Office for Nuclear Regulation

This website uses non-intrusive cookies to improve your user experience. You can visit our cookie privacy page for more information.

HM Nuclear Installations Inspectorate

Relicensing the Atomic Weapons Establishment Sites to AWE plc

ACTIVITIES

Scope

66. One of the activities at the AWE sites at Aldermaston and Burghfield is the incorporation of fissile material in a device designed to form part of a nuclear assembly. In applying licence conditions it is not HSE's intention that its inspection and enforcement activities affect the design of a completed device. HSE has no regulatory role in weapon design matters and the AWE Act Amendment Order4 disapplies licence conditions to the extent that they affect the design of a nuclear device. Nuclear device design issues are dealt with by a body appointed by the Secretary of State for Defence.

Licence compliance arrangements

67. Licence compliance statements are contained in the existing AWE Company Safety Management System and were adopted by the new licensee on 1.4.2000. Any subsequent changes will be dealt with under the normal change control procedures.

68. The start of the new management contract coincided with the date on which a new licence condition relating to the control of changes to organisational structures and resources, licence condition 36 (see Annex 1), was due to come fully into force. Consequently particular attention was paid to ensuring that AWE plc would have appropriate arrangements in place. Draft arrangements were submitted by the company and were found to be acceptable.

Decommissioning

69. Decommissioning of redundant facilities is an important responsibility of a licensee. The new licensee is faced with a legacy of old buildings, mainly on the Aldermaston site, that have been under care and surveillance for up to 20 years. A decommissioning strategy document and decommissioning plan was received and assessed by NII. Decommissioning safety cases and detailed project management plans produced for specific facilities regarded as a priority for decommissioning have also been reviewed.

70. The company's stated decommissioning policy is "to carry out promptly unless there is a clear safety and environmental benefit from deferral". This is clear and compatible with NII expectations, and is supported by a realistic strategy and funded programmes to implement it. The new management team had identified the scope for improvement on the project management arrangements for decommissioning. Thought had also been given to some "spend to save" initiatives and the adoption of better size reduction techniques. These initiatives are welcome and will be kept under active review from the commencement of the new contract.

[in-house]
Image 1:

71. A recently revised decommissioning strategy document setting out proposals for the long-term planning for decommissioning the site has been submitted by the new management team. The 10 year plan, together with plans for specific identified facilities, has been approved under LC35 (this means that the plans cannot be changed without the agreement of NII) and it is proposed to continue this practice of regulatory control.

Radioactive Waste Management

72. The new waste management strategy was judged to be clear and compatible with NII requirements in this area. The policy and objectives are supported by a detailed strategy and funded plans. It is understood that arrangements are in place to enable private financing of capital schemes and that it is envisaged that an integrated ILW treatment facility will be provided. The legal specifications referred to in paragraph 21 continue in force and are binding on AWE plc.

Special Nuclear Materials

73. The current arrangements for the storage of Special Nuclear Material (SNM) were inspected. This confirmed that further examination by AWE plc of the future requirements, capabilities and options was required. Furthermore, the current storage containers and older storage facilities were unlikely to be acceptable in the long term and are getting in the way of decommissioning. AWE plc has given an undertaking to produce, by September 2000, a programme with key milestones to address these matters.

Safety Cases

74. Safety cases are already in place following the licensing of Hunting-BRAE Ltd and there is a programme for undertaking Periodic Safety Reviews. AWE plc formally took over the safety cases on April 1st, coincident with the adoption of all licence compliance arrangements by the Chief Executive on behalf of AWE plc.

Emergency Arrangements

75. The emergency arrangements for Aldermaston and Burghfield remain unchanged. New Approvals were prepared in each case. The plans cover both on-site and off-site emergency responses and are derived from the contingency plans for each facility that are contained in their safety cases. Contingency arrangements exist with four hospitals for the treatment of different classes of casualties. Thames Valley Police Headquarters at Kidlington is designated as the off-site centre (OSC).

GRANT OF NEW LICENCES

76. HSE's inspections, reviews and assessments of the licence applicant's case revealed no issues to impede the granting of nuclear site licences to AWE plc for the AWE sites at Aldermaston and Burghfield. Accordingly new licences were granted on 29 March 2000 by HM Chief Inspector of Nuclear Installations, Mr L G Williams, and came into force on 1 April 2000.

ANNEX 1